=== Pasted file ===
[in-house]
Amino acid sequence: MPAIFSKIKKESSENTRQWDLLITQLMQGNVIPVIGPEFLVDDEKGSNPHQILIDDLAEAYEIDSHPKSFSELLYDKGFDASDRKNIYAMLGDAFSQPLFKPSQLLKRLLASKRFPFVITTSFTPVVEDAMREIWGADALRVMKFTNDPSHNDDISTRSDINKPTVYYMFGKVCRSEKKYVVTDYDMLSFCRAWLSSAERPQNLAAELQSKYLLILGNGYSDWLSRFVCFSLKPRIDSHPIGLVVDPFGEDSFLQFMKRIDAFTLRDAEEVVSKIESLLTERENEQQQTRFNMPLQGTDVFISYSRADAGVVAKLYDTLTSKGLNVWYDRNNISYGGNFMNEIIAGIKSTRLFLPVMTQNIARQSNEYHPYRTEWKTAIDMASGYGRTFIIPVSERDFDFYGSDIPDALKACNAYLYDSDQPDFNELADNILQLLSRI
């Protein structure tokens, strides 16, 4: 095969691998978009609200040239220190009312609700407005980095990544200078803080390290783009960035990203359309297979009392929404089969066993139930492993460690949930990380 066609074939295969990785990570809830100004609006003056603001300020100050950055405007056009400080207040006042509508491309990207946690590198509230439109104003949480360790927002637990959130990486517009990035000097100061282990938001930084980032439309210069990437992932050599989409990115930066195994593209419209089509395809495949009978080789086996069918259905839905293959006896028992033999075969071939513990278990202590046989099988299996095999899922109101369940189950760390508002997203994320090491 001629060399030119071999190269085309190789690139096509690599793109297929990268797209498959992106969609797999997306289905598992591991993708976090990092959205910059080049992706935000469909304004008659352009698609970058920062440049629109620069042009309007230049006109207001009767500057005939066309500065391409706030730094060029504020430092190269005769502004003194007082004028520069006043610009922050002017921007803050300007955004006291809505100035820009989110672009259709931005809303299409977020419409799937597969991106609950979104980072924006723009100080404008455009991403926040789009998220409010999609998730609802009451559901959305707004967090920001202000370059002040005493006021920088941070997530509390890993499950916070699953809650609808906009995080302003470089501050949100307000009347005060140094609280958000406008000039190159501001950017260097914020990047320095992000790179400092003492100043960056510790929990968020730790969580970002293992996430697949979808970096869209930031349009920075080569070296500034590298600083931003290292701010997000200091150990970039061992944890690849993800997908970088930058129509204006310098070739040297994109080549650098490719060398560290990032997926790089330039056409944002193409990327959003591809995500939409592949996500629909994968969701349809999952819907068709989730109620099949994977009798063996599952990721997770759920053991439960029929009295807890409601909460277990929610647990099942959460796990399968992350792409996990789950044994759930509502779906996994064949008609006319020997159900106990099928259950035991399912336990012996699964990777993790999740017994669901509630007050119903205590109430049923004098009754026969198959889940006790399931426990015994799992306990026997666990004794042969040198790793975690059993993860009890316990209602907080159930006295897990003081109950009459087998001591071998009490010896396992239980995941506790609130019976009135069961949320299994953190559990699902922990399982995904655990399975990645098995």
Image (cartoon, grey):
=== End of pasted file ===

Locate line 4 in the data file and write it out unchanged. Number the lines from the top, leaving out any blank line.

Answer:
Image (cartoon, grey):